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Feyisayo Anjorin

Freelance Director, Afro-Carribean Media Group


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Is it possible for an individual to be without ethnocentrism?

Ethnocentrism involves using the ideas and beliefs of one particular culture to judge other cultures.
It is so similar to pride in the sense that we loath it in other people/cultures; but we are hardly conscious of it in our own culture.
Our beliefs and worldview is as a result of years of living in our community and seeing things done in a particular way; years of familiarity with the material culture, social structure, religion, history, philosophy and ideals.
We usually percieve our culture as the logical, reasonable and normal way to live; and we often wonder "How anyone could ever live like THAT?!"
It is usually the chief enemy of marriages. The husband has grown up in a different home environment, under different circumstances, and with a different experience. He would wonder why the wife is behaving in a certain manner that is contrary to his ways; and so does the wife.

Is ethnocentrism inevitable?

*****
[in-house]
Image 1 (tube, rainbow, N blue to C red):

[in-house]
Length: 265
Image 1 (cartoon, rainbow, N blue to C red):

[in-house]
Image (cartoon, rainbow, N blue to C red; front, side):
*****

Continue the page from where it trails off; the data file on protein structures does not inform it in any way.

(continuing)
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  • Sep 17 2012: I work with many different cultures, and while it is evident that the people I work with always approach tasks from a familiar starting point (i.e., their own cultural perspective), what I see again and again is that we are all human first and culturally determined second. This is not to downplay the effect that cultural determination can have on our interactions with the world. It can sometimes be very significant. For example, I lived with some native Americans up near Alaska for a while and I lent one of them my jacket. He kept it! When I started to inquire about why he wasn't giving my jacket back, I discovered the idea that native ideas of private property are very different than my own. In my culture, his action might be called stealing, whereas in his culture, I was part of his community and my jacket was community property. When I discovered this, I was not angry that he kept the jacket. Rather, I was gratified that, even as an outsider, I had been included in his community. I give this example to show that cultural ideas are very powerful, yet even more powerful is our capacity for understanding each other as human beings.

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